It would be interesting to see results of searches using other methods of magic square generation.
Most of  the quadrant magic squares found (and all orders 9 and 13) are pandiagonal .
Are many regular magic squares quadrant magic?
Are many associated magic squares quadrant magic?
Can there be quadrant magic squares of even order?
    (the quadrants would be n/2 with no central cell in the array.)

All quadrant magic squares found to date  have been a result of searching.
Can an algorithm be developed to generate quadrant magic squares?

Order Number of magic arrays on these pages Quadrant magic Order-13 seems to have the most densely packed quadrant magic squares.
Order-13 has a 14-way quadrant magic square. The best I can find for order-17, which should have a great many more combinations, is a 6-way quadrant magic square.

So far, all order-13 Quadrant m. s. found are pandiagonal, although regular m. s. have been found for orders 5 and 17.

5 5 but only 2 are unique 2 -way quadrant magic
9 7 2 -way quadrant magic
13 38 14 -way quadrant magic
17 15 ( of a total of 253) 6 -way quadrant magic

Credit

I wish to thank Aale de Winkel for discovering these fascinating magic squares and for all the help he has given me in my attempts to consolidate the features of quadrant magic squares and iso-like magic stars.
As well as suggestions, he provided me lists of his Latin prescription squares where he searched for these features, and a program to convert any Latin prescription (LP) to an actual magic square.
Please visit his site at http://www.magichypercubes.com/Encyclopedia/index.html then link to quadrantmagic and specialmagic.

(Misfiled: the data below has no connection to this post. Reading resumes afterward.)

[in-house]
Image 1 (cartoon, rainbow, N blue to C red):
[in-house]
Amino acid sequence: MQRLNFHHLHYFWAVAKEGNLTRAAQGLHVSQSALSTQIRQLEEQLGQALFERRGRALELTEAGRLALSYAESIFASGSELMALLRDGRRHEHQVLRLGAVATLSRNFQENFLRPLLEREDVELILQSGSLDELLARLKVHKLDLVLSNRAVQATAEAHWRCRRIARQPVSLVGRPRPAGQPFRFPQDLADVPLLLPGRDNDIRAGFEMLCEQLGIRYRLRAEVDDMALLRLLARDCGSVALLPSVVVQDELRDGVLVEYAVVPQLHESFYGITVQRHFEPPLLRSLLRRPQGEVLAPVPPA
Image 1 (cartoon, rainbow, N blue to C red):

Addendum - July 2011

In July 2011, as a result of working on even-order quadrant magic squares, Dwane Campbell decided to look at some of the questions proposed on this page.
The following three order-9 quadrant magic squares provide answers for 3 of the 4 questions I proposed for order-9.

 Example 1
1 14 72 64 77 54 46 32 9
38 61 24 20 43 60 56 25 42
80 48 31 35 3 13 17 66 76
8 12 67 71 75 49 53 30 4
45 59 19 27 41 55 63 23 37
78 52 29 33 7 11 15 70 74
6 16 65 69 79 47 51 34 2
40 57 26 22 39 62 58 21 44
73 50 36 28 5 18 10 68 81

This square is quadrant magic with P2, P3, P4 and P5 in all 4 quadrants. I show one of each here.
No other patterns appear in the square.

It is also associated, {compact(solid_3x3)}, and complete_3.

 Example 2
1 71 46 50 3 68 72 49 9
51 26 60 70 39 25 2 58 38
63 37 14 19 59 36 41 27 73
17 78 35 30 16 75 76 29 13
28 6 64 77 52 5 18 65 54
67 53 21 8 66 40 48 4 62
24 55 42 43 23 61 56 45 20
44 10 80 57 32 12 22 81 31
74 33 7 15 79 47 34 11 69

This example shows the P2 pattern, which appears in all 4 quadrants.

No other patterns appear in any quadrant.

 

 Example 3
1 9 4 51 47 54 71 67 65
42 38 43 61 58 57 19 27 23
81 76 75 11 18 14 31 29 34
2 7 5 49 48 52 72 68 66
40 39 44 63 59 55 20 25 24
79 77 73 12 16 15 32 30 35
3 8 6 50 46 53 70 69 64
41 37 45 61 60 56 21 26 22
80 78 74 10 17 13 33 28 36

This example shows the P5 pattern, which appears in all 4 quadrants.
The P2 pattern appears in only 2 quadrants.
No other patterns appear in the square.

 

Three questions asked in July 1999. (Repeated here for convenience.)

Do sringmagic (P2) and lringmagic (P5) arrays always appear together?  No. See example square 2 and 3.

Do diammagic (P3) arrays never appear with sringmagic (P2) or lringmagic (P5) squares? No. See example square 1.

Are there NO crosmagic (P6), plusmagic (P1), P4 or P7 order-9 quadrant magic squares? No for P4. See example square 1.

 

This page was originally posted July 1999
It was last updated August 12, 2011
Harvey Heinz   harveyheinz@shaw.ca
Copyright © 1998-2009 by Harvey D. Heinz